- Place 2 egg whites in a medium bowl; beat with a mixer at high speed until soft peaks form using clean, dry beaters. Fold beaten egg whites into cream cheese mixture. Pour filling over crust. Spoon cranberry mixture over filling; swirl together using the tip of a knife. Place springform pan in a 13 x 9-inch metal baking pan. Add hot water to pan to a depth of 2 inches. Bake at 325° for 50 minutes or until center of cheesecake barely moves when pan is touched.
- Turn oven off. Cool cheesecake in closed oven 30 minutes. Remove cheesecake from oven. Run a knife around outside edge. Cool on a wire rack. Cover and chill 8 hours.
NOTE: If the cranberry mixture gets too thick, add a tablespoon of water and whirl it around in the food processor. You can also make this in an 8-inch springform pan; it'll be very full, so you should cook over a foil-lined baking sheet. Cook time will be the same.
Does Your Heart Beat for Bundt Cake?
I loved carbs, but cakes are not at the top of my list. The "cake" part is usually too dry, and the "frosting" part is usually too sweet, or feels too much like a mouthful of Crisco.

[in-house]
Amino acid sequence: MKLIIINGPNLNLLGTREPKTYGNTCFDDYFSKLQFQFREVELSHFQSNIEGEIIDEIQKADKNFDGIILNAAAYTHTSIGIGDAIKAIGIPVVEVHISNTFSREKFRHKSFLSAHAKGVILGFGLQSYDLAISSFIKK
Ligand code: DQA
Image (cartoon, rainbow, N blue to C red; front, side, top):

There is an exception however--the Bundt cake. And with that admission, I'm probably showing my age. Bundt cakes were very popular in the late 60's and early 70's. The website www.seriouseats.com provided this history, as written by Lucy Baker:
The Bundt pan was invented in the 1950s by a man named H. David Dalquist. The pan was based on a traditional ceramic dish with a similar ringed shape. Though Dalquist's version was lighter and easier to use than the clunky previous version, sales were disappointing.
Then, in 1966, a woman named Ella Helfrich took second place in the annual Pillsbury Bake-Off with her recipe for Tunnel of Fudge Cake. The walnut-filled, chocolate-glazed cake had a ring of gooey fudge at its center. Eating a slice was reminiscent of indulging in under-baked brownie batter. Helfrich's cake was an overnight sensation. Pillsbury received more than 200,000 requests for the pan she used, and Dalquist's company went into overtime production. Today, more than 50 million Bundt pans have been sold around the world.
I have had this Chocolate Cherry bundt cake recipe for years. I don't know it's origins, but since it is chocolate (my favorite) and cherry (my husband's favorite), and requires only 4 (yes, four!!) ingredients, it reigns supreme in my recipe file.
Black Forest Cherry Cake
- 1 pkg chocolate cake mix
- 1 21-oz can cherry pie filling
- 1/4 cup oil
- 3 eggs
- Powdered sugar
- Preheat oven to 350 degrees F.
- Combine all ingredients in mixing bowl. Beat three minutes at medium speed. Pour into greased and floured Bundt pan. Bake in preheated oven 45 minutes.